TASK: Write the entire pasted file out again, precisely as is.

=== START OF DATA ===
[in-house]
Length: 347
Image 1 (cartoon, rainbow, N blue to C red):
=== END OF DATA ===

[in-house]
Length: 347
Image 1 (cartoon, rainbow, N blue to C red):